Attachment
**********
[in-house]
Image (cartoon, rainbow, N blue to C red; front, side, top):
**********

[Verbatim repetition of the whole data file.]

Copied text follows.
[in-house]
Image (cartoon, rainbow, N blue to C red; front, side, top):